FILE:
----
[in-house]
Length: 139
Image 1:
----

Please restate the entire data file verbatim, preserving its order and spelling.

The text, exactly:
[in-house]
Length: 139
Image 1: